But only Wynn can take control of her life and become the woman she knows she’s meant to be, and if that means letting go of all the things she’s allowed to hold her back over years, including Oliver, she will find her courage and do what it takes.

I absolutely loved this book. Wynn is charming and relative. There were so many times I knew exactly how she felt, and I found myself living vicariously through her for a time, hoping that like her I could find the strength to be myself before it was too late. Highly recommended, I gave Wynn in Doubt by Emily Hemmer 5 out of 5 stars.

I received a copy of Wynn in Doubt from the publisher through Netgalley in exchange for an honest review.

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Wynn In Doubt by Emily Hemmer

Publishing Industry News

This week’s publishing news and industry blogs post covers 9/25/15-10/10/15… and is a bit late. Uh. Sorry. It was a long work week. Whoops!

Publishing News

Michael Glickstein put in a bid last year (on behalf of his investment firm) to purchase majority stakes Barnes in Nobles, but did not have the financing to do so; as such, he was charged with fraud. A settlement has now been reached.

A class action case against educational textbook publisher Pearson has been approved, for now, on the allegation of failure to pay proper royalties.

Industry Blogs

Agent Nephele Tempest posts writing-related links for 10/2 (and have you set your writing goals for this year?) and 10/9.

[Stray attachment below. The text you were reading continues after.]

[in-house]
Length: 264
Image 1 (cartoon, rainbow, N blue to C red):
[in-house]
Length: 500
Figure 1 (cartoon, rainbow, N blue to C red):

Agent Jessica Faust explains that when an agent is looking for something in particular, that doesn’t mean they won’t accept something else from their already-established clients. Also, why agents don’t sign non-disclosure agreements before reading submissions. Also, start your query with “haves,” not “have nots”–don’t start off talking about what you haven’t done.

Agent Janet Reid offers advice and answers questions. She explains how to evaluate a small publisher. Should an author looking to drastically change genres with a new pen name go ahead and create the new persona, or wait until query success has been reached? (Yes, start now.) She gives examples of questions to ask potential agents if they offer a chance to ask questions. What if your current agent hates your newest book and won’t try to sell it? (Talk to your agent, see if you need to part ways, know that you shouldn’t “shop around” until you’ve ended your previous contract.)

Reid answers more questions and gives more advice. If you’ve posted parts of a story on a writing website, is there a way to know when that will affect your ability to get a contract with a publisher? (It’s up to the publishers whether to accept these or not; digital-first/only publishers will probably be the most affected by this.) Can you use citations from works in the public domain without permission? (You need permission if the copyright is still in effect, and you still need to cite your sources even if it isn’t.) In nonfiction, what is considered platform?

In Shelf Awareness’ latest issue, Simon & Schuster CEO’s keynote address to the Book Industry Study Group is summed up, with some pretty big looks at the recent changes the publishing industry is taking into account, including the power of metadata and the desire for print books.

Author Hugh Howey releases another set of author earnings’ reports.

Author Kristine Kathryn Rusch analyzes S&S’s CEO’s keynote for what it means for authors, and how “frontlist” and “backlist” are now outdated terms when what really matters is “accessible or not.” She also analyzes the Author Earnings reports, for both their weaknesses and what she has gleaned from them.